PWC Docking Systems

Closer look at personal watercraft (PWC) docking systems.

3rd August 2010.
By Jeff Hemmel

PWC are without a doubt one of the most fun type of boats around, but they’re also one of the more challenging to store for the waterfront property owner. Unlike a boat, most manufacturers don’t recommend you leave them tied up to the dock overnight or at anchor. Most waterfront owners, however, don’t really appreciate the hassle of regularly hauling them out on a trailer.

One alternative is to invest in a PWC docking system. For sheer simplicity, I like the SportPort (and no, they’re not paying me to say that). Made of polyethylene and featuring a foam core, SportPorts are essentially unsinkable floating platforms, with the middle of the topside molded to roughly match the hull design of a PWC. The material won’t mar most hull finishes, and has no moving parts to keep lubed up or worry about rusting. It also stays cool underfoot.

Using a SportPort is simple. Get finished riding and you simply gently apply the gas to power your PWC up and onto the dock, where it stays put by weight and friction. When you need to launch, just lift and push the bow of the ski to slide it off into the water. I’ve even had good success just sitting aboard the craft and rocking, pulling on the handlebars as you do to slide the ski back off the platform and into the water.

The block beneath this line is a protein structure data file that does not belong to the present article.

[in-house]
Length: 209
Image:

The advantages to a pre-made docking system are many. First and foremost, they keep your craft out of the water. No worries about a boat tied up to the dock or at anchor taking on water or being battered by passing boat’s wakes or wind-driven waves; no concerns about the pump filling with debris; no pulling your ski out at the local ramp or pulling it up onto a shoreline. They also provide a stable platform to work on your boat. All feature nonskid surfaces to keep you from taking a slip on the deck even when really wet, and most can be combined with other dock components to create virtually any sort of design, whether it’s just a simple PWC dock tethered to an existing seawall, or an entire docking system for several craft.

The basic SportPort is essentially 5’ x 12’, and secured to any fixed structure via solidly mounted PWC pipe. The pipes simply run through openings at the end of the SportPort to allow it to float and rise and fall with a tide, or compensate for waves. Pipes can be fastened to a dock or seawall, or in some cases, even driven into the ground. Additional sections attach via a locking pin, making it easy to add on, modify, or disassemble when necessary.

Other similar alternatives? EZPort (www.ez-dock.com) uses a similar drive-on design, but adds rollers to lessen the resistance. Individual sections can then be added to create virtually any required dock space. JetDock (www.jetdock.com) opts for individual polymer cubes all around, combined to create the desired shape.

No, none of the above is cheap. Plan on spending upwards of $1500 even for the most basic system. But for the added peace of mind they provide, they make a great choice for those lucky enough to enjoy a waterfront view.


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About the author:

Jeff Hemmel

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Jeff Hemmel writes for boats.com, Boating, PersonalWatercraft.com, and Powersports Business. The former Senior Editor at Watercraft World, Jeff is a multi-time award winner as well as a 2008 inductee into the IJSBA Hall of Fame. His first book, "The Anti-Pirate Potato Cannon...and 101 Other Things For Young Mariners To Try, Do, & Build On the Water," received a bronze medal in the 2010 Moonbeam Children's Book Awards. For more info, visit Jeff Hemmel's website.

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